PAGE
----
M & A Law Prof Blog

Editor: Brian JM Quinn
Boston College Law School

Tuesday, October 13, 2009

“This is a stew of great complexity”

The BAC-ML legal stew continues to simmer.  In the SEC-BAC case, parties are gearing up for trial and BAC has signaled its intention to waive the attorney client privilege.  Remember, in the federal case, BAC is arguing, in effect, that it relied on advice from counsel regarding which disclosures were material.  Indeed, I think Lewis' defense is something like, "I don't do disclosures.  That's lawyer work."

Here's the statement from the SEC:

"We have reached agreement with the Bank of America on proposed terms of a court order governing disclosure of information previously withheld on the basis of legal privileges. The order is subject to the approval of Judge Jed Rakoff. If entered by the court, the order would result in a broad waiver of the attorney-client and other legal privileges on matters that are the subject of our pending action against the Bank as well as ongoing investigation.

"In particular, the order negotiated by the SEC would allow us to assess further details surrounding the Bank's failure to disclose to its shareholders critical information concerning the award of bonuses to Merrill employees, including any relevant information previously withheld based on attorney-client or other privileges. In addition, the order would allow for investigation of previously privileged details of Bank of America's consideration of whether to invoke the material adverse change clause in its agreement to merge with Merrill Lynch, its decisions about whether to disclose impairment of goodwill of Merrill Lynch and other financial results of Merrill Lynch during the fourth quarter of fiscal year 2008, and its communications with the Federal Reserve Board, the U.S. Department of the Treasury, and other federal officials regarding the provision of federal assistance in connection with its merger with Merrill Lynch.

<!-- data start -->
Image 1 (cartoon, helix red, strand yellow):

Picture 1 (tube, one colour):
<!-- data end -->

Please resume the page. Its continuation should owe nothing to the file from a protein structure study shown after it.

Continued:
In the BAC-ML shareholder suit in Delaware, Vice Chancellor Strine refused to dismiss the case.  The two sides' arguments can be summarized as follows (HT: Bloomberg): 

Lawyer Lawrence Portnoy, representing the bank’s directors, told Strine they didn’t act in bad faith toward shareholders, and that Merrill’s distress “was not a secret” and the losses weren’t unexpected.

Investors’ lawyer Robert J. Kriner Jr. told Strine bank directors showed a “lack of care,” and said in court papers that “directors faithlessly subverted the best interest of Bank of America and its stockholders.”

This case is interesting.  And if the plaintiff's duty of care argument is going to work, then the case may turn on whether in the face of a known duty to disclose (as told to them by their counsel) the directors chose not to.  Myself, I'm waiting for someone at BAC to try to raise a statutory defense (DGCL Sec. 122(12)), but that's just me.



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